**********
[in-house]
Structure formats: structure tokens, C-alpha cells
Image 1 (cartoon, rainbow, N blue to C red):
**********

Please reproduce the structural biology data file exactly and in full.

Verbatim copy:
[in-house]
Structure formats: structure tokens, C-alpha cells
Image 1 (cartoon, rainbow, N blue to C red):